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TOM BODETT: I know that, you know, money and taste don't always go together but you'd think that if you had 12 grand to spend on something like this, you could probably just pull it off somehow without the help.

SAGAL: You think.

FAITH SALIE: Or just give her the 12 grand, she's going to say yes.

SAGAL: Probably.

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SAGAL: All right, Lauren, here is your next limerick.

KASELL: At the games the whole crowd goes "hurraaaa" for "clip, clip" and "buzz, buzz" and "tadaaaa." While the freshly shorn crew of a ram and his ewe will let out a satisfied?

KIGHT: Ahh.

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ROCCA: Tadaaaa. Tadaaaa.

SAGAL: Tadaaaa.

ROCCA: Tadaaaa. Listen to the clue. And we're not trying to be like Katharine Hepburn. Tadaaaa.

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KIGHT: Baaaa.

SAGAL: Baaaa, yes.

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SAGAL: The New Zealand Farmer's Federation is petitioning to have sheep-shearing recognized as an official Olympic sport.

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SAGAL: If you're asking why, then you're asking a really good question.

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SAGAL: Enthusiasts swear sheep shearing takes athleticism to, quote, another level. Of course, if they want to make something that ridiculous an Olympic sport, they should just put on spangley dresses and do it on ice skates.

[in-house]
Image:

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ROCCA: And when they shear the sheep, what do they use all the wool for?

SALIE: Extreme knitting.

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ROCCA: Oh yeah.

SAGAL: Here's your last limerick.

KASELL: Thick-rimmed specs, skinny pants, they're a tipster. So is a mustache that does a neat flipster. Also be quite annoyed and what others enjoy. That's what, science says, makes you a?

KIGHT: Hipster.

SAGAL: Yes, indeed.

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SAGAL: Thanks to researchers at Harvard, we now know the scientific definition of a hipster. The answer is unjustified disapproval of whatever it is your friends and peers like.

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KIGHT: I disagree with that.

SAGAL: You disagree with that. Oh, that's so lame.

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SAGAL: The study observed the habits of 200 self-described hipsters, and they noticed that once a hipster discovers that his or her friends likes the same band they like, they then reject that band. Upon hearing the results, though, several hipsters said they actually prefer the results from an independent study you probably haven't heard of.

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SAGAL: Carl, how did Lauren do on our quiz?

KASELL: Lauren had three correct answers, Peter. Congratulations, Lauren, I'll be doing the message on your home answering machine or voicemail.

SAGAL: Yay for Lauren.

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(SOUNDBITE OF MUSIC) Transcript provided by NPR, Copyright National Public Radio.